The history of Jews in Poland

The Jews originally settled in their 'promised land', between the Mediterranean Sea and the river Jordan, in about 2000 BC, overcoming the Philistines to do so. They built Jerusalem and its temple about a thousand years later. Jerusalem lies in the region known to the Romans as Judaea, a province of the Roman empire from 63 BC. When the Jews rebelled against Roman rule, their temple was destroyed, and the Jews began to leave Palestine in search of safer homes elsewhere. They now had no homeland, but were united by their religion, customs, culture and ethnicity, which they cherished with care.

The Roman empire spread across Europe as far as the British Isles. In the 4th century AD, the emperor made Christianity the state religion. Jews were regarded by the Christian Church as responsible for Jesus Christ's death, and were persecuted accordingly. They were not allowed to own land or have a trade; this forced them into finding work as moneylenders or entrepreneurs, work which was then despised. The crusades enhanced already strong anti-Jewish feeling. By the 16th century, many Jews were forced by law to live in separate crowded 'ghettos'. Anti-Jewish prejudice (anti-Semitism) spread and put down roots, though many Jewish individuals were respected, not least for their love of learning, which continues to this day.

Mediaeval Poland, indeed, had welcomed its early Jewish population: it was in need of skilled merchants to develop the world's great new adventure: international trade. By the 20th century, 3.5 million of Poland's 30 million inhabitants were Jewish. But although their cultural and political activities flourished, many Jews continued to be treated with hostility, suspicion and disrespect. Poland was strongly Roman Catholic, and churchmen continued to preach that Jews were enemies who had murdered Jesus (though he himself was a Jew) and who practised dark arts and rituals. This prejudice extended across Europe, flaring up from time to time in 'pogroms': attempts to drive out Jews by violence and murder. Anti-Semitism was also fired by the growth of nationalism in many countries. Between the two World Wars, anti-Semitism in Poland experienced a surge: laws discriminating against Jews were passed, as they also were in Latvia, Lithuania, Romania, Greece, and, in particular, Nazi Germany. [link to Holocaust (Genocides section)]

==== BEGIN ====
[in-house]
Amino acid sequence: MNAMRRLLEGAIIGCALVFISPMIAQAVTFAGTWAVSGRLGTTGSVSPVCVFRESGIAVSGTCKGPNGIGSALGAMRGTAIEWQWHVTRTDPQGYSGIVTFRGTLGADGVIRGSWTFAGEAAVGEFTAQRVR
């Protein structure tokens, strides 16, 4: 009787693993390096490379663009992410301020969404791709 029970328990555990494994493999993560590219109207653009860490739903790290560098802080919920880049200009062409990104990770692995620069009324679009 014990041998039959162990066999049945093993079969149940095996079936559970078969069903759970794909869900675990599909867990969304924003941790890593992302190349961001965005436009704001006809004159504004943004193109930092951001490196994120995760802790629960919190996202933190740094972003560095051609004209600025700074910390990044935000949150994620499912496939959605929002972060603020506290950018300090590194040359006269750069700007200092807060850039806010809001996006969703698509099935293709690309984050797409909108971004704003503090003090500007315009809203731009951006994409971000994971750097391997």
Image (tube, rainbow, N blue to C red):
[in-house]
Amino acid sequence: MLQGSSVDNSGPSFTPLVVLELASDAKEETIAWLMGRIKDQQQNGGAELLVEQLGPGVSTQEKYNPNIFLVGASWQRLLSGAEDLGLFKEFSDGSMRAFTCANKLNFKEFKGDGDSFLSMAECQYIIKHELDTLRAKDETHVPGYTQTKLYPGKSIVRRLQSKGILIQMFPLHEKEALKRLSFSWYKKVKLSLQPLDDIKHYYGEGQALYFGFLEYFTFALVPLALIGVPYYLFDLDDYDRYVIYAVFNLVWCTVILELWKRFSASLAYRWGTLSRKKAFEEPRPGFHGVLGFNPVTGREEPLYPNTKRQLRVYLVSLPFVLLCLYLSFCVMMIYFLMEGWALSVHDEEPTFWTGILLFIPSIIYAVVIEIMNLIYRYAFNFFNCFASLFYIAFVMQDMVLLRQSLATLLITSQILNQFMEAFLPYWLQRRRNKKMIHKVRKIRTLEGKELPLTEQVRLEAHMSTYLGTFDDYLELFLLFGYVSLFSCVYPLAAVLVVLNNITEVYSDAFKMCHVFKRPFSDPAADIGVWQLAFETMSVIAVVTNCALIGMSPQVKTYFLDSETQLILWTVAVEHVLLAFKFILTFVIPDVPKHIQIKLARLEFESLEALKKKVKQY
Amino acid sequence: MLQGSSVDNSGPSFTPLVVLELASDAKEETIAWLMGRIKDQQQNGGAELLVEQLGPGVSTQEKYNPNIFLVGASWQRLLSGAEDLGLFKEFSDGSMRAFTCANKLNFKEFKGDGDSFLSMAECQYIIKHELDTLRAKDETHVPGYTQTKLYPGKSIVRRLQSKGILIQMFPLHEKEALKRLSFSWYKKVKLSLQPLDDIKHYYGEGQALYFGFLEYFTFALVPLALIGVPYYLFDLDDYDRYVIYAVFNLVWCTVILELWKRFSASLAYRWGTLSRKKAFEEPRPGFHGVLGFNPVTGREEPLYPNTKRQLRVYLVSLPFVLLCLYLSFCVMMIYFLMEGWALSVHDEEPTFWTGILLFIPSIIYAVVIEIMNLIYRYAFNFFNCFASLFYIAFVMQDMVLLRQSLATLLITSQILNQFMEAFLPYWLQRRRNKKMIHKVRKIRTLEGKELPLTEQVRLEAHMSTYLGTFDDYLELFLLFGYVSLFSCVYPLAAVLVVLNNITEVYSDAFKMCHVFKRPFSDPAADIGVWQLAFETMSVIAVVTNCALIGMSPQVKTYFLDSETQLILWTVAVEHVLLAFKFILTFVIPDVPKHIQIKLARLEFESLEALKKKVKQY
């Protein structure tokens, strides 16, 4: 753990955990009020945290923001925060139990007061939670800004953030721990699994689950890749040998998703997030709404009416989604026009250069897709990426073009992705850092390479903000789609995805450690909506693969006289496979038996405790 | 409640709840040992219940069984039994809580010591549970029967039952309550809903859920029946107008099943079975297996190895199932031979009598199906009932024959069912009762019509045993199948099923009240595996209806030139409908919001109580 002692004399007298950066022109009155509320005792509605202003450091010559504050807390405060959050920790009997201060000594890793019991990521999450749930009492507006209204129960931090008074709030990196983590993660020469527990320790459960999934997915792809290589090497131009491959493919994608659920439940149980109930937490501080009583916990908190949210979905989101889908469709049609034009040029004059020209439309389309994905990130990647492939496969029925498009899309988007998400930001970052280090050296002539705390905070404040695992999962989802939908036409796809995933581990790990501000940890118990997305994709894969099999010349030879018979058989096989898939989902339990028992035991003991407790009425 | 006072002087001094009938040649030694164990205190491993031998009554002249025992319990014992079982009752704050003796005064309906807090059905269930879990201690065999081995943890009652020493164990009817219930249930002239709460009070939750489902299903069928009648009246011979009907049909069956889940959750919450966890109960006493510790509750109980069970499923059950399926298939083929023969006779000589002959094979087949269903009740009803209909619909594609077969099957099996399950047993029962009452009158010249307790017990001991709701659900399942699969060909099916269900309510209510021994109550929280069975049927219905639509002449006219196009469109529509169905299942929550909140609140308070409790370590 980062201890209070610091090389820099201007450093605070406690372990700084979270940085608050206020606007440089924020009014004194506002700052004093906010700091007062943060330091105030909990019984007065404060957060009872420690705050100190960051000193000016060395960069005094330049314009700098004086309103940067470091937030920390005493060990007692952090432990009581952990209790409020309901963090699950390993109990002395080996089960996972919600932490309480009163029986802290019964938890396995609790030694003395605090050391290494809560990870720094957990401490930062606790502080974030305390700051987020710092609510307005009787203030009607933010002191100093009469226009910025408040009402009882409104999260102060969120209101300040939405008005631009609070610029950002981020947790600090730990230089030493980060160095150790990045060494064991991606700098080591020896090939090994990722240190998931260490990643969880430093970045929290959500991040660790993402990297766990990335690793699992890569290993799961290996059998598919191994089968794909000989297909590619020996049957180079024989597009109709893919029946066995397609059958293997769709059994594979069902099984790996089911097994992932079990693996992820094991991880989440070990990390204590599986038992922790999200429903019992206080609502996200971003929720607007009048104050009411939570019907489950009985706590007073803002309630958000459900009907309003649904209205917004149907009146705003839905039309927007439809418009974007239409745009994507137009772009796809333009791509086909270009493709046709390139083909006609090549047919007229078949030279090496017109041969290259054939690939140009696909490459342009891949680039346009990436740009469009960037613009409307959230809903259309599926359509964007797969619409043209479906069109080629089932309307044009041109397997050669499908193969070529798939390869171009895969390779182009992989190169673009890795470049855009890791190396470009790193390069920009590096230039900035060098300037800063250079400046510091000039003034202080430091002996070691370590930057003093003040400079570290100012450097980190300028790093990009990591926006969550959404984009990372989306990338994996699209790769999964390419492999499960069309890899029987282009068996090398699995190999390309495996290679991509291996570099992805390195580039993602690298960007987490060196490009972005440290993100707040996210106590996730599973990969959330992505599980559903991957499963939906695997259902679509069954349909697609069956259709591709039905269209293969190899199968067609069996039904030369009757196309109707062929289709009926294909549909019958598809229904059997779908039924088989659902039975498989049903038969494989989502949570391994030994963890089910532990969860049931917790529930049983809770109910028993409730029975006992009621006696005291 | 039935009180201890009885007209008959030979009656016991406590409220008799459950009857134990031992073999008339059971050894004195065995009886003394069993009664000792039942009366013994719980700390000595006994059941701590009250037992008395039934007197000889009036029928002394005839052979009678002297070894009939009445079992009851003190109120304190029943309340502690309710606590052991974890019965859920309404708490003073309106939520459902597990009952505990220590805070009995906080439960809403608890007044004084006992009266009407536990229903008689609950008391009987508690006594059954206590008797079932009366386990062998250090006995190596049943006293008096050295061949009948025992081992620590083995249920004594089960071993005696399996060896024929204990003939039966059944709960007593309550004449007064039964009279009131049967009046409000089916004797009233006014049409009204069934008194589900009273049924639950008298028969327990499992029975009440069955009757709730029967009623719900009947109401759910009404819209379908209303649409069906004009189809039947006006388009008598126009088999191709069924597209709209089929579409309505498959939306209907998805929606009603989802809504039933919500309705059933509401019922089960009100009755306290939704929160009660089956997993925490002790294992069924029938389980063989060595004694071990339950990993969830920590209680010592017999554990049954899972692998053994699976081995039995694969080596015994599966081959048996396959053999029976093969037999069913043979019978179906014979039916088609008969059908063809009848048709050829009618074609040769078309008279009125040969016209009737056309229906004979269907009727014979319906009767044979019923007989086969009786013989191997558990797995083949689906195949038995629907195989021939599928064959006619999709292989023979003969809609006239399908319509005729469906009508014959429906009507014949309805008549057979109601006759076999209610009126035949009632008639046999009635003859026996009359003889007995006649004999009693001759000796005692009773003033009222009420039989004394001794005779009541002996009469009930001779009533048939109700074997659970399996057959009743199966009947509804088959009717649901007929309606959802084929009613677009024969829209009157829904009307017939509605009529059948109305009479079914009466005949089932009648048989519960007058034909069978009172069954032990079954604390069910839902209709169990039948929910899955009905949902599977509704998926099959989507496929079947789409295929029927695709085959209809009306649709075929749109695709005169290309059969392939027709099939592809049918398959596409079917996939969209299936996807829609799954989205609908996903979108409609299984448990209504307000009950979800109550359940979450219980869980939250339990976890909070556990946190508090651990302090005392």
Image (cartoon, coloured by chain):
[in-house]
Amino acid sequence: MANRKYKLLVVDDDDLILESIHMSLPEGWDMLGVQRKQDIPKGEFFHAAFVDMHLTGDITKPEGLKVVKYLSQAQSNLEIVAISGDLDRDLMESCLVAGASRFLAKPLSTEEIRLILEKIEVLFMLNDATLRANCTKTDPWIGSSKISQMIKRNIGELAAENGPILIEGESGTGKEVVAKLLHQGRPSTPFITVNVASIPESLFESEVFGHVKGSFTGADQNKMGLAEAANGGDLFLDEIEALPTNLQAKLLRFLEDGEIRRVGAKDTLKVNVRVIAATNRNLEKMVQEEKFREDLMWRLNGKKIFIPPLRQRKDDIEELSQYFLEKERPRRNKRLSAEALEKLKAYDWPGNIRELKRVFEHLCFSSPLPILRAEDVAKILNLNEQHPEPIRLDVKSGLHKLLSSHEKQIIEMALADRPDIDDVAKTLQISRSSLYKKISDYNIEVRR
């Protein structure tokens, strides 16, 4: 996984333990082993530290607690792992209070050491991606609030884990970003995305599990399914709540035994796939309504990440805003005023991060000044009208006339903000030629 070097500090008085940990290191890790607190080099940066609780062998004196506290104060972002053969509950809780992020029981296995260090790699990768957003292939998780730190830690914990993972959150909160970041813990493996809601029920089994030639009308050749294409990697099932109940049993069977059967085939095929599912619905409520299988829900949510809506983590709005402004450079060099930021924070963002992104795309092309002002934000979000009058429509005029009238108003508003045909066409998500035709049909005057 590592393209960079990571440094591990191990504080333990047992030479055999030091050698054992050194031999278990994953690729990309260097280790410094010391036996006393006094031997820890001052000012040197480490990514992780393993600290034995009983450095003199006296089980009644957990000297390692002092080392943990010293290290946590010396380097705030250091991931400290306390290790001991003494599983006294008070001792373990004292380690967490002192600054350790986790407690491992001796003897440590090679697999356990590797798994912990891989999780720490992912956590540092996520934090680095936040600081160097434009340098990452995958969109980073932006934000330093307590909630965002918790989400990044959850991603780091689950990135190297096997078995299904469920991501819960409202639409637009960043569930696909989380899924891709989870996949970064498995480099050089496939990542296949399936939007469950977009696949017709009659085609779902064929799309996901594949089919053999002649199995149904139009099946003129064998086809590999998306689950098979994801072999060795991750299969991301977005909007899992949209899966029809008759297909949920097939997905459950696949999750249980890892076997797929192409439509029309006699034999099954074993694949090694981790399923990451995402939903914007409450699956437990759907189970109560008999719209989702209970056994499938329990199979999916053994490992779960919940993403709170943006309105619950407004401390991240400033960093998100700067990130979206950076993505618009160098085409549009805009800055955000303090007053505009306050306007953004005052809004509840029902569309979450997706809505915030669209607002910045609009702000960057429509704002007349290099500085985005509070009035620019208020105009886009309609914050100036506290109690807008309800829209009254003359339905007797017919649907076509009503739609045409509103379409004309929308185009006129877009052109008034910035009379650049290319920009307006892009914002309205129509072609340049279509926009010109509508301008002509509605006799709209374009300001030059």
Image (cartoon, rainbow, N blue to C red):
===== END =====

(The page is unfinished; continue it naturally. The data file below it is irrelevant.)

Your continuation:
In 1939 eastern Poland came under the control of Soviet Russia. Under communist rule the region's inhabitants had a rough time: local Poles lost their jobs, were beaten and arrested; some were deported to the Soviet Union, and some of these deportees never returned. But the communists were not anti-Jewish; there were Jews therefore who were ready to support them.

In 1941 Germany broke the non-aggression pact it had made with the Soviet Union. Hitler's plan was to invade the Soviet Union and annex its lands as part of a new German empire. These lands included eastern Poland (Germany had occupied western Poland since 1939). It was well-known that German policy was anti-Jewish. As Germany claimed eastern Poland on the way to invade the USSR, its troops and militias left a trail of slaughter. Elsewhere in Poland, too, the Polish people suffered under the hostile Nazi policies of suppression and extermination: during the Nazi occupation over 6 million people were killed. Half of them were Jews. Poland is the site of many mass graves of Jews and other persecuted minorities: the death camp at Oswiecim (Auschwitz) is the largest Jewish cemetery in the world. There are also Treblinka, Chelmno, Sobibor, Maidanek, Belzec. These camps were set up in remote areas, often close to the border, with one facility in common: they could be easily reached by railway.

It is estimated that by 1945 only 50,000 Polish Jews had survived. In 1967-8, 35,000 left Poland to settle in Israel. Hostility towards Jews remained strong. One historian, sadly reviewing the history of Jews in Poland, put it this way: it was as if 'we let the Jews into our home, but told them to live in the cellar. When they wanted to come up to the main rooms, we said we would allow that if they stopped being orthodox Jews and became "civilised". There were Jews who were prepared to do this. But then we started talking about a "Jewish invasion'', about the danger we would be in once the Jews permeated Polish society.' Nevertheless thousands of individual Poles risked their lives to save Jews from death; these included a married couple at Jedwabne, who hid seven Jedwabne Jews on July 10 and looked after them until the end of the war.

After the Second World War there was a new communist government for the whole of Poland, established under Soviet influence. The trade union movement, Solidarity, rose in opposition during the 1980s. With the collapse of communism, the Polish republic began to rebuild democracy and review its troubled history.



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